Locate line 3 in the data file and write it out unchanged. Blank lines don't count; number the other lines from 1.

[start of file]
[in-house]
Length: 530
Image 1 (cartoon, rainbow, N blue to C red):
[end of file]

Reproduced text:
Image 1 (cartoon, rainbow, N blue to C red):